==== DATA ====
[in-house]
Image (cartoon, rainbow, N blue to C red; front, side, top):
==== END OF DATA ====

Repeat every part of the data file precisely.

[in-house]
Image (cartoon, rainbow, N blue to C red; front, side, top):